Over the past ten years, most churches in Tajikistan have had their registration revoked, and they now must meet in secrecy. Because it's the poorest former Soviet republic, many pastors and church leaders are leaving the country to work in Russia so they can support their families. The majority of the population is younger than 30 years of age, and the country lacks basic infrastructure. General corruption and the opium trade compound its difficulties.

Life for Christians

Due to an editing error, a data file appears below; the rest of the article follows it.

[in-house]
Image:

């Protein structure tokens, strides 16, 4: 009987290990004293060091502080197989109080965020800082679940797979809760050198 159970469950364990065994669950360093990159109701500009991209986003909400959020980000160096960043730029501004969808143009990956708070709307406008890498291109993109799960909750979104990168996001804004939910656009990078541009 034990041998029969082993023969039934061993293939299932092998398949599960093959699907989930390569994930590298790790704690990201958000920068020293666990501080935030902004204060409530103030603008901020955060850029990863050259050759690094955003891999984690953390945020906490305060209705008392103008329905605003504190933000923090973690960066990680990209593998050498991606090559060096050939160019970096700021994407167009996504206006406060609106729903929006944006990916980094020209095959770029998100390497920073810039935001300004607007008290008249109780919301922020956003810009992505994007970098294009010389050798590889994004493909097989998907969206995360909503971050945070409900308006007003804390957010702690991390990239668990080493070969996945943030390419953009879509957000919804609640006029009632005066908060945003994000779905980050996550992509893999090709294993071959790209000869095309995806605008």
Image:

New Christian converts receive the harshest treatment. Believers are beaten and abused, and women are especially targeted for abuse by their fathers and older brothers. Christians are often summoned to appear at the local secret police station. Even though churches meet openly, informants attend every service. Adding to the challenges facing the church, it's illegal to teach children in this country about any religion. In 2017, Pastor Bakhrom Holmatov was arrested for merely possessing a copy of Josh McDowell's book, More Than a Carpenter, because governing authorities considered it "extremist literature."

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